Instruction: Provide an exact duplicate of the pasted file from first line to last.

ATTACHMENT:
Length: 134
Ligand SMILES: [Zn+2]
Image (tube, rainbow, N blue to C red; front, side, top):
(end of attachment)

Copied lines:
Length: 134
Ligand SMILES: [Zn+2]
Image (tube, rainbow, N blue to C red; front, side, top):